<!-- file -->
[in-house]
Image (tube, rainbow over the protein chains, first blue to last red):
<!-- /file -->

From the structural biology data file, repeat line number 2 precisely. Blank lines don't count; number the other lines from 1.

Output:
Image (tube, rainbow over the protein chains, first blue to last red):